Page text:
8. If you saw the New York Mets at Shea Stadium, let those who never did know what it was like to be here when the stadium gasped because a Met came close to pitching a no-hitter.

9. If you saw the New York Mets at Shea Stadium, let those who never did know what it was like to be here when the stadium erupted in joy as a championship was secured or a victory was sealed or a nice play was made.

10. If you saw the New York Mets at Shea Stadium, let those who never did know what it was like to anticipate the trip here, to wander through the gate, to walk up a stalled escalator, to emerge into a dark and damp concourse and then be assaulted with more light and color than television could ever relay.

11. If you saw the New York Mets at Shea Stadium, let those who never did know the delight of being a New York Mets fan at Shea Stadium, the frustration of being a New York Mets fan at Shea Stadium, the absolute totality of being a New York Mets fan at Shea Stadium.

12. Whatever you experienced at Shea Stadium, for whatever reason you were at Shea Stadium, pass the word along.

13. If you attended Shea Stadium, idealized Shea Stadium, adored Shea Stadium, loathed Shea Stadium…don't forget Shea Stadium. The portion of the right field wall that shall remain standing with the numeral 1 is intended to serve as no more than a well-meaning cue to bring out your stories of Shea Stadium and allow you to share them for the rest of your lives so they, in turn, can be shared into perpetuity, which is how long this section of the wall shall stand.

14. No commercial enterprise shall be permitted to sponsor this section of the wall where the Shea Stadium Final Season Countdown Like It Oughta Be was commemorated. The idea that something as substantive as a seasonlong retrospective of a cherished institution's history — a history that belongs to all — could be diluted for commercial gain is reprehensible even in theory.

15. The removal of this portion of the wall and/or the numeral 1 shall result in the forfeit of all favorable financial considerations granted by any and all agencies of the State and City governments, the kind on which all professional sports organizations depend to function optimally. All highway and public transit infrastructure relevant to successor facilities to Shea Stadium on this site shall commence to be completely and totally unfunded if this portion of the wall and/or the numeral 1 are not lovingly and carefully preserved.

16. The number 1 is never to be removed from the portion of this wall that shall remain standing. As long as 1 remains posted on this site, Shea Stadium shall never truly be gone. It shall always be, as in the hearts and minds of millions of Mets fans since 1964, the 1.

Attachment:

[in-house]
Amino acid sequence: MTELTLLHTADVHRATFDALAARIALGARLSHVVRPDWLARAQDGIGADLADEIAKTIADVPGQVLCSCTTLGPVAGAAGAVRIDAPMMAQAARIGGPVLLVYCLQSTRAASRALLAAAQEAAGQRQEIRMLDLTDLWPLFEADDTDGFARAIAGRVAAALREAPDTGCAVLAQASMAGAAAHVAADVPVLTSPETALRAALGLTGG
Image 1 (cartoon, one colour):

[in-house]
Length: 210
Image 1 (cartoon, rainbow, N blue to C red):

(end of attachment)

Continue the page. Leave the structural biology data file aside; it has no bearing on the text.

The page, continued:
17. That is how the Shea Stadium Final Season Countdown Like It Oughta Be oughta end.

Given under my hand and the Privy Seal of the State in William A. Shea Municipal Stadium in Flushing Meadows Corona Park in the Borough of Queens in the City of New York this Twenty Eighth Day of September in the Year of our Lord Two Thousand and Eight.

David A. Paterson

Governor and Mets Fan

***

Number 2 was revealed here.

***

On Monday, July 21, we will offer a revealing Q&A that will describe the process by which the Shea Stadium Final Season Countdown Like It Oughta Be was conceived, constructed and executed.

6 comments to The Shea Countdown: 1

  • Anonymous

    Nicely done, Greg.

  • Anonymous

    Thanks Charlie.

  • Anonymous

    Well done, well done. I wish the Wilpons had this kind of insight. Unfortunately, I'm sure that they're more concerned with the 3 parking spaces such a memento would block.
    I was thinking about something similar on Saturday. I was trying to judge the distance from the Home Run Apple to CitiField so that next year I can stand on the spot. Then I gathered, if they use a new Home Run Apple (more or less a guarantee), why not leave the old one where it stands? It's a great meeting point, great photo spot, great piece of Shea nostalgia, etc.
    Of course, we could go on all day with great, fan-friendly ideas for CitiField, but it would fall on deaf ears–unless the idea was, say, dedicate 30 prime seats in the bleachers for a hired sym-phony band. Now there's an idea Fred would jump at.

  • Anonymous

    Thanks Kevin…and good idea on the Apple as meeting spot. I'm sure it will be filed away by the PTB.

  • Anonymous

    HI Greg,
    Enjoyed the entire countdown, from 81 through 1. A warm series of tributes that shows a lot of love and affection for the place most of us called home for 45 years.
    I do hope Shea is remembered as it originally was — a less cluttered, gorgeous ballpark with brightly colored seats and a multitude of lights imposed upon the white shell surrounding the large but simplier scoreboard in right, when the only sounds to rev up an already reved up fan base came from Jane Jarvis (and the first greeting to the fans was to join in on a sing-along of “Meet The Mets” accompanied by Jane on the Hammond Organ)..

  • Anonymous

    Thanks Joe. I think we'll all remember it exactly the way we see it and hear it in our minds.